Verses 37–42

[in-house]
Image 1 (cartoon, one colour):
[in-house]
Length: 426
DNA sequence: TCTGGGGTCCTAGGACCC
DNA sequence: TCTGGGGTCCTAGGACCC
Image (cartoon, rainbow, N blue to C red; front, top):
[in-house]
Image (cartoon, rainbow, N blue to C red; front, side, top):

Here is the departure of the children of Israel out of Egypt; having obtained their dismission, they set forward without delay, and did not defer to a more convenient season. Pharaoh was now in a good mind; but they had reason to think he would not long continue so, and therefore it was no time to linger. We have here an account, 1. Of their number, about 600,000 men (Exod. 12:37), besides women and children, which I think, we cannot suppose to make less than 1,200,000 more. What a vast increase was this, to arise from seventy souls in little more than 200 years’ time! See the power and efficacy of that blessing, when God commands it, Be fruitful and multiply. This was typical of the multitudes that were brought into the gospel church when it was first founded; so mightily grew the word of God, and prevailed. 2. Of their retinue (Exod. 12:38): A mixed multitude went up with them, hangers on to that great family, some perhaps willing to leave their country, because it was laid waste by the plagues, and to seek their fortune, as we say, with the Israelites; others went out of curiosity, to see the solemnities of Israel’s sacrifice to their God, which had been so much talked of, and expecting to see some glorious appearances of their God to them in the wilderness, having seen such glorious appearances of their God for them in the field of Zoan, Ps. 78:12. Probably the greatest part of this mixed multitude were but a rude unthinking mob, that followed the crowd they knew not why; we afterwards find that they proved a snare to them (Num. 11:4), and it is probable that when, soon afterwards, they understood that the children of Israel were to continue forty years in the wilderness, they quitted them, and returned to Egypt. Note, There were always those among the Israelites that were not Israelites, and there are still hypocrites in the church, who make a deal of mischief, but will be shaken off at last. 3. Of their effects. They had with them flocks and herds, even very much cattle. This is taken notice of because it was long before Pharaoh would give them leave to remove their effects, which were chiefly cattle, Gen. 46:32. 4. Of the provision made for the camp, which was very poor and slender. They brought some dough with them out of Egypt in their knapsacks, Exod. 12:34. They had prepared to bake, the next day, in order to their removal, understanding it was very near; but, being hastened away sooner than they thought of, by some hours, they took the dough as it was, unleavened; when they came to Succoth, their first stage, they baked unleavened cakes, and, though these were of course insipid, yet the liberty they were brought into made this the most joyful meal they had ever eaten in their lives. Note, The servants of God must not be slaves to their appetites, nor solicitous to wind up all the delights of sense to their highest pitch. We should be willing to take up with dry bread, nay, with unleavened bread, rather than neglect or delay any service we have to do for God, as those whose meat and drink it is to do his will. 5. Of the date of this great event: it was just 430 years from the promise made to Abraham (as the apostle explains it, Gal. 3:17) at his first coming into Canaan, during all which time the children of Israel, that is, the Hebrews, the distinguished chosen seed, were sojourners in a land that was not theirs, either Canaan or Egypt. So long the promise God made to Abraham of a settlement lay dormant and unfulfilled, but now, at length, it revived, and things began to work towards the accomplishment of it. The first day of the march of Abraham’s seed towards Canaan was just 430 years (it should seem to a day) from the promise made to Abraham, Gen. 12:2; I will make of thee a great nation. See how punctual God is to his time; though his promises be not performed quickly, they will be accomplished in their season. 6. Of the memorableness of it: It is a night to be much observed, Exod. 12:42. (1.) The providences of that first night were very observable; memorable was the destruction of the Egyptians, and the deliverance of the Israelites by it; God herein made himself taken notice of. (2.) The ordinances of that night, in the annual return of it, were to be carefully observed: This is that night of the Lord, that remarkable night, to be celebrated in all generations. Note, The great things God does for his people are not to be a nine days’ wonder, as we say, but the remembrance of them is to be perpetuated throughout all ages, especially the work of our redemption by Christ. This first passover-night was a night of the Lord much to be observed; but the last passover-night, in which Christ was betrayed (and in which the passover, with the rest of the ceremonial institutions, was superseded and abolished), was a night of the Lord much more to be observed, when a yoke heavier than that of Egypt was broken from off our necks, and a land better than that of Canaan set before us. That was a temporal deliverance to be celebrated in their generation; this is an eternal redemption to be celebrated in the praises of glorious saints, world without end.